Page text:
Morgan's email is historically significant because of his position on the Hall board. He has grown to be a major player of influence, the key ex-players liaison to Hall chairman Jane Forbes Clark. The Hall has never made any sort of statement on the Steroid Era, sitting back on the only instructions the writers get: "Voting shall be based upon the player's record, playing ability, integrity, sportsmanship, character, and contributions to the team(s) on which the player played."
Morgan's email went far beyond that.
"I care about how good a player was or what kind of numbers he put up," Morgan said. "But if a player did steroids, his integrity is suspect; he lacks sportsmanship; his character is flawed; and, whatever contribution he made to his team is now dwarfed by his selfishness."
Morgan also sent a message that longtime Hall members are prepared to stop coming back to Cooperstown each summer if steroid users get elected. Imagine the scene if Bonds or Clemens were giving their speech with no one on stage behind them?
Wrote Morgan, without reference to any individual by name: "By cheating, they put up huge numbers, and they made great players who didn’t cheat look smaller by comparison, taking away from their achievements and consideration for the Hall of Fame. That’s not right. And that’s why I, and other Hall of Famers, feel so strongly about this.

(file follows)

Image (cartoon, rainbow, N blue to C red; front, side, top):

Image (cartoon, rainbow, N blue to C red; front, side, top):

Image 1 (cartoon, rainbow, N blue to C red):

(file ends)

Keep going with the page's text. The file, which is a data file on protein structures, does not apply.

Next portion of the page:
"It’s gotten to the point where Hall of Famers are saying that if steroid users get in, they’ll no longer come to Cooperstown for Induction Ceremonies or other events. Some feel they can’t share a stage with players who did steroids. The cheating that tainted an era now risks tainting the Hall of Fame too.
"The Hall of Fame means too much to us to ever see that happen. If steroid users get in, it will divide and diminish the Hall, something we couldn’t bear."
What about players of other times whose character may be suspect? The Hall certainly has racists and philanderers on its rolls. Former drug users, too. Morgan's era was likely full of amphetamine users. Tim Raines got elected last year after being very public about his use of cocaine.
Morgan seemed to understand that point.
"The Hall of Fame has always had its share of colorful characters, some of whom broke or bent society’s rules in their era," he said. "By today’s standards, some might not have gotten in. Times change and society improves. What once was accepted no longer is. But steroid users don’t belong here. What they did shouldn’t be accepted. Times shouldn’t change for the worse."
There's a lot of food for thought in Morgan's email. A good amount of hypocrisy, too. But while the Steroid Era has always been a gray area to voters, it may not be anymore. The Hall itself has spoken for the first time, whether that was Morgan's intention or not. It's up to us as voters to decide how much of the message to hear.
— Eric Fisher (@EricFisherSBJ) November 21, 2017